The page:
What can I say? I loved the Fifty Shades trilogy by this author, so I bought THE MISTER, hoping for another great escape.
The premise is fine – wealthy, good-looking bachelor, who has always had his way with women, becomes lord of the manor when his older brother suddenly dies. Not only is he thrust into a position he doesn’t want, but when he could have any woman in the world, he falls for the woman who cleans his house. She is an immigrant without a passport, trouble right there. She also can’t speak English well. So what is the basis of their relationship? Apparently sex and the fact that she doesn’t know his lordly position and, therefore, can’t fall for his power or money.
I loved the setting – London, Cornwall, even the Balkans. I even loved the sex, though, it is far tamer than that in any of the Fifty Shades books.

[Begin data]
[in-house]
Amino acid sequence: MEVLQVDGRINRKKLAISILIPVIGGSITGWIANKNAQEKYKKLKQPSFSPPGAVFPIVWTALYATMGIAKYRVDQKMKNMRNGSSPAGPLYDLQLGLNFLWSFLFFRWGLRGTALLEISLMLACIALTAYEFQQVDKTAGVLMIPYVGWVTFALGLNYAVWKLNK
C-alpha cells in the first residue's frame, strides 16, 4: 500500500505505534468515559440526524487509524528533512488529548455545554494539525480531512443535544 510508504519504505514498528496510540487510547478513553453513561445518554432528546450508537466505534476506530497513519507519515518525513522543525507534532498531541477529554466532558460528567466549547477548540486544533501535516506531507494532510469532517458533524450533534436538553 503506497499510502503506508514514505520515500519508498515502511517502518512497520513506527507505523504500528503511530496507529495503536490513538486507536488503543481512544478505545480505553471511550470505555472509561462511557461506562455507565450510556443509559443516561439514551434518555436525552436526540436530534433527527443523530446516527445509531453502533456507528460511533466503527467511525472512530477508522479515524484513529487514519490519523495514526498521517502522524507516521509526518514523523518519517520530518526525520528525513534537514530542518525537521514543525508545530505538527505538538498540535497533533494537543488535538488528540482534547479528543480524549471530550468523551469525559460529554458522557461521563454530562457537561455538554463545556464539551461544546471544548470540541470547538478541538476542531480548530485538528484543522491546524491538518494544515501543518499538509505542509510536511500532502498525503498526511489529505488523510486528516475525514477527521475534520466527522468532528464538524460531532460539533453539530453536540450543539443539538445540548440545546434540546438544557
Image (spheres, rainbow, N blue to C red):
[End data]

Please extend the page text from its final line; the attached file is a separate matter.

What didn’t work for me? The constant introspection, something I hadn’t loved in the Fifty Shades books but that felt even more annoying here. The ending, which was simplistic. The kidnapping attempts, which felt far-fetched.
THE MISTER was written the way romances were written thirty years ago. But others in that field have moved on. When they deal with subjects like sex trafficking, they do it right. This author did not. Genre writes give their characters depth. This author did not. Even the piano-playing element, which was one of the few things the characters had in common, felt contrived.